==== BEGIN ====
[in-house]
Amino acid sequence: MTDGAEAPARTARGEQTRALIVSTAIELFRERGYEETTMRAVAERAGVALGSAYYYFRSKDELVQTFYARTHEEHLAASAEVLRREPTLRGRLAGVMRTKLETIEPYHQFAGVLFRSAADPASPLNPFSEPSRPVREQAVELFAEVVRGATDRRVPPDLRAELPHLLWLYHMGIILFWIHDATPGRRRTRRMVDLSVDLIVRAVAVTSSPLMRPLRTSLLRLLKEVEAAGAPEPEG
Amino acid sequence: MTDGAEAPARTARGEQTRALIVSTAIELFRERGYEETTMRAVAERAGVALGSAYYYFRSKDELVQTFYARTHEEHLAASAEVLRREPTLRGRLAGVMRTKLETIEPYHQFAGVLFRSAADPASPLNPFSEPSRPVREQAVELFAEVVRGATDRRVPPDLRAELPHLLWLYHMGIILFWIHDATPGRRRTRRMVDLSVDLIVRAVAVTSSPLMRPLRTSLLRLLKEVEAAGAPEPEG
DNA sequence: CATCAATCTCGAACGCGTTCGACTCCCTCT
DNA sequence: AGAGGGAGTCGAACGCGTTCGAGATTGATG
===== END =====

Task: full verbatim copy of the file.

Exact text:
[in-house]
Amino acid sequence: MTDGAEAPARTARGEQTRALIVSTAIELFRERGYEETTMRAVAERAGVALGSAYYYFRSKDELVQTFYARTHEEHLAASAEVLRREPTLRGRLAGVMRTKLETIEPYHQFAGVLFRSAADPASPLNPFSEPSRPVREQAVELFAEVVRGATDRRVPPDLRAELPHLLWLYHMGIILFWIHDATPGRRRTRRMVDLSVDLIVRAVAVTSSPLMRPLRTSLLRLLKEVEAAGAPEPEG
Amino acid sequence: MTDGAEAPARTARGEQTRALIVSTAIELFRERGYEETTMRAVAERAGVALGSAYYYFRSKDELVQTFYARTHEEHLAASAEVLRREPTLRGRLAGVMRTKLETIEPYHQFAGVLFRSAADPASPLNPFSEPSRPVREQAVELFAEVVRGATDRRVPPDLRAELPHLLWLYHMGIILFWIHDATPGRRRTRRMVDLSVDLIVRAVAVTSSPLMRPLRTSLLRLLKEVEAAGAPEPEG
DNA sequence: CATCAATCTCGAACGCGTTCGACTCCCTCT
DNA sequence: AGAGGGAGTCGAACGCGTTCGAGATTGATG